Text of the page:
Mothé Explores Pain and Healing in Debut Album 'I Don't Want You To Worry Anymore' [Q&A]

Photo:  Victor Grossling

Indie alternative artist Mothé, born Spencer Fort, has finally released their long-awaited debut album, I Don’t Want You To Worry Anymore. The 12-track body of work explores hurt, healing, and moving toward the future, all wrapped in eclectic and engaging soundscapes that provoke a deep range of emotions.

I Don’t Want You To Worry Anymore not only demonstrates Mothé’s remarkable ability to create and produce music that sounds exactly how it feels, alongside collaborative producer Robert Adam Stevenson. The attention to detail to each track’s intricate, evolving sounds shows meticulous care and passion that marks the beginning of something bigger ahead for the up-and-coming musician. I Don’t Want You To Worry Anymore opens with indie-rock jam “Dancing On An Empty Floor” before catapulting listeners down a rabbit hole full of sonic and emotional ups and downs.  

Ones To Watch was able to talk with Mothé about their debut album, their experiences with challenging shoots, and what they hope to create in the future.

Ones To Watch: Before forming Mothé, you were a part of a project called Moth Wings. When did you begin your journey as a solo artist, and how did that lead to where you are now?

Mothé: Moth Wings was a two-piece band that I was in with my friend Luke for probably five or six years. It was a house show band. It was as DIY as they come, and we were going on tours all the time playing to 20 people, you know, that sort of touring in the minivan grind. So when I moved out to Los Angeles, I was going into these sessions, and I was writing songs that I felt were maybe a little more developed for rooms outside of the house show scene because the whole thing with Moth Wings is that we were a two-piece and we were just loud as fuck, and that was kind of the vibe. And then it was like, oh, I’m writing music that I could see on a different stage for the first time. It kind of like left me asking myself,  "Is this a developmental extension of Moth Wings? What’s going on?" Then at some point, the drummer told me that he didn’t want to do music for a living, and once we split ways, it made a lot of sense for me to kind of just adapt the name that I’d already been using to grow everything, but say like, this is the start of a new thing. The old songs will stay up, but I’m not going to go back to them. And now I was working and writing more as a solo artist, and then it was time to maybe give myself a name that I could really take as a name. Like people can call me Mothé, they can’t necessarily call me Moth Wings.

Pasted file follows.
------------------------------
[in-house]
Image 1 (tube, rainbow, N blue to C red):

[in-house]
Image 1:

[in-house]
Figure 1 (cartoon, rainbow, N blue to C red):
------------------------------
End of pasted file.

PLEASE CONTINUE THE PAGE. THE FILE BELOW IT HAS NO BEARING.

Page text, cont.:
Right, so you developed this new artistic character that feels completely separate from anything you’ve previously done.

Yeah. She’s a lot more confident than me. It’s kind of this fun moment where I get to be the person I maybe don’t feel confident enough to be in my daily life. I didn’t have that until it was a character I could truly slip into, and it turns out it’s just me. It’s like I’m having more fun than I am when I’m just Spencer.